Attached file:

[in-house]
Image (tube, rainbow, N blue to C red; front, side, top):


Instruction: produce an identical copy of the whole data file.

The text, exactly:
[in-house]
Image (tube, rainbow, N blue to C red; front, side, top):